A Dictionary of Greek and Roman biography and mythology

Smith, William

A Dictionary of Greek and Roman biography and mythology. William Smith, LLD, ed. 1890

(Διοκλῆς), a Syracusan, celebrated for his code of laws. No mention of his name occurs in Thucydides, but according to Diodorus he was the proposer of the decree for putting to death the Athenian generals Demosthenes and Nicias. (Diod. 13.19.) He is called by Diodorus upon this occasion the most eminent of the demagogues at Syracuse, and appears to have been at this time the leader of the popular or democratic party, in opposition to Hermocrates. The next year (B. C. 412), if the chronology of Diodorus be correct, a democratic revolution took place, and Diodes was appointed with several others to frame and establish a new code of laws. In this he took so prominent a part, that he threw his colleagues quite into the shade, and the code was ever after known as that of Diodes. We know nothing of its details, but it is praised by Diodorus for its conciseness of style, and the care with which it distinguished different offences and assigned to each its peculiar penalty. The best proof of its merit is, that it continued to be followed as a civil code not only at Syracuse, but in many others of the Sicilian cities, until the island was subjected to the Roman law. (Diod. 13.35.)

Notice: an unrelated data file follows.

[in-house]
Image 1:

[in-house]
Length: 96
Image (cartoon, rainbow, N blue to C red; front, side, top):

The banishment of Hermocrates and his party (B. C. 410; see Xen. Hell. 1.1.27) must have left Diocles undisputed leader of the commonwealth. The next year he commanded the forces sent by Syracuse and the other cities of Sicily to the relief of Himera, besieged by Hannibal, the son of Gisco. He was, however, unable to avert its fate, and withdrew from the city, carrying off as many as possible of the inhabitants, but in such haste that he did not stay to bury those of his troops who had fallen in battle. (Diod. 13.59_61.) This circumstance probably gave rise to discontent at Syracuse, which was increased when Hermocrates, having returned to Sicily and obtained some successes against the Carthaginians, sent back the bones of those who had perished at Himera with the highest honours. The revulsion of feeling thus excited led to the banishment of Diocles, B. C. 408. (Diod. 13.63, 75.) It does not appear whether he was afterwards recalled, and we are at a loss to connect with the subsequent revolutions of Syracuse the strange story told by Diodorus, that he stabbed himself with his own sword, to shew his respect for one of his laws, which he had thoughtlessly infringed by coming armed into the place of assembly. (Diod. 13.33.) A story almost precisely similar is, however, told by the same author (12.19) of Charondas [CHARONDAS], which renders it at least very doubtful as regarduig Diocles. Yet it is probable that he must have died about this time, as we find no mention of his name in the civil dissensions which led to the elevation of Dionysius. (Hubmann, Diokles Gesetzgeber der Syrakusier, Amberg, 1842.)